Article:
Pros and Cons of Switching to Your First iPhone

  • Asonta Benetti bought the iPhone 13 Max Pro in January after avoiding Apple products for 10 years.
  • Benetti was tired of the constant issues with cheaper Android devices and moved to Apple.
  • After months of use, she has taken apart the things she loves and can do without on the new machine.

After more than a decade of resisting joining the Apple community, I finally gave up and bought the iPhone 13 Pro Max in January 2022.

I was never a supporter of Apple during its rise to popularity in the late 2000s, ignoring its products and products.

Over the past 10 years, I’ve bought smartphones from Google, Samsung, and LG in an attempt to dodge the ubiquitous iPhone.

But when my LG Stylo 5 started failing after two short years, I decided it was time to bite the bullet. I needed a reliable device to work, and the last few Android phones, some cheaper and some not, were riddled with problems.

I just bought the new iPhone 13 Pro from blue Sierra.

With my new iPhone in the past few months, I’ve been surprised by what it still surprises me with and what fun additions it has to my daily life.

These are the things I like and dislike the most about my new iPhone.

Siri is very sensitive

I am not a fan of virtual assistants. However, as a writer, I use dictation to speak to text. To use dictation on the iPhone, it requires keeping the virtual assistant enabled.

This was the same on my Android device, however, it was rare for me to accidentally sign up for the virtual assistant functionality.

On the other hand, Siri is somehow enabled via different methods every time the phone is in my hands. Not helping is the way I instinctively want to turn the phone off, simply by holding the long side button down, is what prompts Siri now, which can be somewhat frustrating.

iOS keyboard reduces misspellings

On previous Android phones, I’ve tried several keyboards and keyboard sizes, trying to find one that doesn’t leave sentences full of misspellings. I’ve either found it’s less sensitive or the letters aren’t quite the right size to keep me from constantly punching another character.

With my last phone, I would constantly end sentences with an “M” rather than the dot just below it. So when I clicked the first text on my iPhone, I was thrilled with how fast and error-free my message was.

It might just be the way I hit my keys, but the iOS keyboard has worked better for me over the past few months than in years with Android keyboards.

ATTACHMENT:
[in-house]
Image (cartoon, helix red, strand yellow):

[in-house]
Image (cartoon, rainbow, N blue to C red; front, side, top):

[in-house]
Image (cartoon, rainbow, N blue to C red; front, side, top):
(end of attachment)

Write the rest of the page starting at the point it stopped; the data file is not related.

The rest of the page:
The calculator app is very simple and poorly designed

Like most people, I haven’t owned an actual calculator since my math class many years ago.

I rely on my phone’s calculator which has not been an issue on my Android devices. The entire equation is displayed on the screen where I can re-check and fix any errors.

Now, once you move to the next number in the equation, the rest disappears. I can’t see the total breakdown.

After doing some research, I know that if I go to a Spotlight search, I can write an equation and display the entire string. I am confused as to why this function is not found in the calculator app. I’m also missing how I can easily access the history of calculations in the calculator app on my Android device.

I am impressed with Apple Stocks and I use it daily

When switching from my Android device, I had to re-download all my apps. I don’t use many apps daily, but I needed a stocks app to keep an eye on my investments.

I was pleasantly surprised that it could be scratched off my download list because Apple’s built-in Stocks app is very easy to use.

The stock widget is perfect for the first few icons I want to monitor. The setup is basic, with real-time updates to my watchlist of the stocks I follow, and a collection of well-curated news stories.

Volume buttons do more for less on your Android device

One of the things I loved about my Android device was the ability to use the volume down button to lower the volume, put it on vibrate, and then put it on silent.

All these functions can be done seamlessly with a single button.

iPhone has complicated simple task setup notification sounds with a silent bell switch and options in Settings for when to use vibration and when not to.

Trying to figure out which volume button turns the phone off and which button takes a screenshot in combination with this other side button remains a mystery to me.

The iPhone does what is written on the box surprisingly well

A smartphone, whatever its type, should function as a phone above all else.

Speaking on speakerphone with my iPhone is much clearer than I’ve experienced with previous phones. Love the submenu option that pops up instantly on a call asking how do I want to transmit audio – car

Bluetooth technology

hands-free speakerphone, or through earphones.

When I use the OG method to hold the phone to my ear, it doesn’t somehow injure my throat with a myriad of buttons by accident like it did with my Android devices.

At the end of the day, I can trust the phone’s functionality to work as a phone and consistently work well.